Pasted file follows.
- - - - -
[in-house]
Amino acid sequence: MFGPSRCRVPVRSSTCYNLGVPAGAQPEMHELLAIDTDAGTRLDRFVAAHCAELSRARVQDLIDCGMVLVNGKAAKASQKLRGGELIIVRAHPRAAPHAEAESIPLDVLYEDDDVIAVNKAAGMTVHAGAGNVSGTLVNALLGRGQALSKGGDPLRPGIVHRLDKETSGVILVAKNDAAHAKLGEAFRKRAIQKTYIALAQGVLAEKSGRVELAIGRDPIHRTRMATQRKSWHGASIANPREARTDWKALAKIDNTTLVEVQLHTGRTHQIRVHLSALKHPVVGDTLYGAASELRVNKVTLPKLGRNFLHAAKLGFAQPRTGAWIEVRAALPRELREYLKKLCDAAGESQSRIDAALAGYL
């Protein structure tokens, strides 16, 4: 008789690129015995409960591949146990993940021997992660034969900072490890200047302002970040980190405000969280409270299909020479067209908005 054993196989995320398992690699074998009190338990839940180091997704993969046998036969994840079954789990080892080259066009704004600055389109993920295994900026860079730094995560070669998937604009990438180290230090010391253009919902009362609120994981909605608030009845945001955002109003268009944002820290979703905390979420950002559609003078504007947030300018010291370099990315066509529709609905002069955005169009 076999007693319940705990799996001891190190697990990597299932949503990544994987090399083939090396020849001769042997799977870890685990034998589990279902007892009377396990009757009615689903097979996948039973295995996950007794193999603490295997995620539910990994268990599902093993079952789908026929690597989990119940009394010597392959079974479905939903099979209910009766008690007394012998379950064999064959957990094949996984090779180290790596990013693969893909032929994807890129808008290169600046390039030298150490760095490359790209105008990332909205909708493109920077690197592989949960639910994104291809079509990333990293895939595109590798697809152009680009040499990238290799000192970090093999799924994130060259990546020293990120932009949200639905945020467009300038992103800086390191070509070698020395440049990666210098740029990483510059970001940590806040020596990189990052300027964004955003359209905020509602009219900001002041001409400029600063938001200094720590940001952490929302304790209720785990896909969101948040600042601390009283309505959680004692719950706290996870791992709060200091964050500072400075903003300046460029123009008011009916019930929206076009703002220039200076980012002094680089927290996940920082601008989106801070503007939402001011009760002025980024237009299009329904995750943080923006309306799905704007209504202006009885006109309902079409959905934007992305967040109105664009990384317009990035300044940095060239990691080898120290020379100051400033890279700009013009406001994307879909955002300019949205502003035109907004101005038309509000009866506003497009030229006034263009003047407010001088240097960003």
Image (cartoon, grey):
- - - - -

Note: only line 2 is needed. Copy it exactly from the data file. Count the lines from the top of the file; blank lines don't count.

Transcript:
Amino acid sequence: MFGPSRCRVPVRSSTCYNLGVPAGAQPEMHELLAIDTDAGTRLDRFVAAHCAELSRARVQDLIDCGMVLVNGKAAKASQKLRGGELIIVRAHPRAAPHAEAESIPLDVLYEDDDVIAVNKAAGMTVHAGAGNVSGTLVNALLGRGQALSKGGDPLRPGIVHRLDKETSGVILVAKNDAAHAKLGEAFRKRAIQKTYIALAQGVLAEKSGRVELAIGRDPIHRTRMATQRKSWHGASIANPREARTDWKALAKIDNTTLVEVQLHTGRTHQIRVHLSALKHPVVGDTLYGAASELRVNKVTLPKLGRNFLHAAKLGFAQPRTGAWIEVRAALPRELREYLKKLCDAAGESQSRIDAALAGYL